Older users of social media are less likely to disclose the gender in which they are interested than younger users. In addition, women are more likely to identify as bisexual or homosexual than men, according to a recent study.
The study by Oxford Demographer Dr Ridhi Kashyap and Connor Gilroy of the University of Washington says that women in their 20s and early 30s are twice as likely as older women to identify as bisexual. In the study “Digital Traces of Sexualities: Understanding the Salience of Sexual Identity through Disclosure on Social Media”, the authors analyse disclosure of information on Facebook linked to sexuality in the United States.
On the study, Kashyap says that the choice of making the information public or not in terms of their sexual identity makes a fascinating study. She was quoted “You can see how people signal themselves,’ says Dr Kashyap. ‘They were not doing this in the context of a survey or a data collection exercise such as a census, but for themselves and their social networks and communities. The data generated when we use social media platforms provide a different but complementary perspective to one offered by more classic social science approaches, which rely on asking and getting a response.”
Meanwhile, Gilroy says that there large generational differences can be seen from a younger social media user sharing his or her sexually much more than a older user. “Younger users, and especially younger women, are also more likely to be interested in the same gender, or both men and women. For older users, marital status often substitutes for their sexual identity, whereas single people are more likely to disclose their sexuality,’ he said.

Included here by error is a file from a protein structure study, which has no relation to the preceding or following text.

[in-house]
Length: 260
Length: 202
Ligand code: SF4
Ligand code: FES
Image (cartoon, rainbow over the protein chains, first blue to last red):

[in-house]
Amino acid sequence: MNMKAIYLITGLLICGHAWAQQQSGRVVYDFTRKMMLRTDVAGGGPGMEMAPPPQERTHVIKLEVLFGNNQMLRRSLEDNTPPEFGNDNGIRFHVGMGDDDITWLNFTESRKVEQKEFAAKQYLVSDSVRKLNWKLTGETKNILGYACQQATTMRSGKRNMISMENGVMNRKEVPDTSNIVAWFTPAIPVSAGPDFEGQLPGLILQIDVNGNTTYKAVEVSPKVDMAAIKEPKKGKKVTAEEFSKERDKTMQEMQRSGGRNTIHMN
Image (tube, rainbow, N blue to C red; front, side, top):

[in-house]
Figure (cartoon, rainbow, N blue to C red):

In 2017, of the approximately 200 million women and men aged 18 to 64 who used Facebook in the United States, the study found that 56.3 million or 28 percent specified the genders in which they were interested. Meanwhile, 143 million or 72 percent did not disclose information. Among those who disclosed their sexuality, the authors identified four million as sexual minorities (1.68 million (0.8 percent) interested in their own gender and 2.21 million) interested in both men and women.
The study claims that only 20 percent of 18 year-olds disclosed any sexuality, but this rose sharply to 50 percent of those in their mid 20s. It fells again to 20 percent by age 40 and declined thereafter to 10 percent by 60 years of age.
The study also shows that women are more often openly bisexual or lesbian. Compared with women, men are more often explicitly heterosexual. Relationship statuses shape the disclosure of sexuality more for the old than the young, the study says.
Whether single, in a relationship, or married, young Facebook users who specify any of these relationship statuses disclose their sexualities at nearly identical and high rates.
Single people at older ages continue to disclose at high rates, while disclosure rates among people in relationships fall slightly among older ages. Married users present a strong contrast: from age 40 and above, they disclose their sexualities at rates of 20 percent or below. Those who do not specify a relationship status are the least likely to specify a sexuality at all ages, though they too disclose at higher rates if they are young, the study said.